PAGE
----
A Few Facts About Black Combe
Location - Black Combe is a fell in the south-west corner of the Lake District National Park just four miles from the Irish Sea. It lies near the west coast of Cumbria in the borough of Copeland and more specifically in the ancient district of Millom. It stands in isolation at 1,970 feet (600 metres) some 10 miles away from any higher ground - this factor offers an excellent all-round panoramic view of land and sea weather permitting.
Classification - Black Combe is a Marilyn and at 600 metres it is only 10m short of being a Hewitt. As well as being a Birkett it is also included in the index of Wainwright's The Outlying Fells of Lakeland and thus in the list of "Outlying fells".
What's In A Name - Clearly visible in views of Black Combe from the south and east is the large dark-coloured glacial corrie known as Blackcombe from which the fell derived its name. Such corries are often known as combes in English place names a word cognate with the Welsh word cwm.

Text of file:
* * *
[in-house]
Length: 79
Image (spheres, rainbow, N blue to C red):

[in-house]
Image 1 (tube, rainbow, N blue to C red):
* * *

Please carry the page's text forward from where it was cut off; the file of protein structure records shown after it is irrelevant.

Summit And Views - The summit plateau is a very flat peat-covered area. There is a Triangulation Pillar on the top surrounded by rough drystone wall which forms a wind shelter. 1,286 feet due south from the peak is a lesser peak upon which stands a large cairn which is easily visible with the naked eye from Millom and the surrounding area. Between this cairn and the top in a shallow valley lies a small tarn. Towards the sea views extend from the Cumbrian coast round to the Isle of Man 45 miles due west then round to Snowdon which may be seen on days of exceptionally good visibility 85 miles to the south to the coast of Lancashire. Looking inland views include the Scafell Group and the Coniston Group of fells in the Lake District National Park the Pennine Hills the Forest of Bowland and Blackpool Tower. Closer by there are also good views over the Duddon Estuary Millom and the new wind farm just offshore.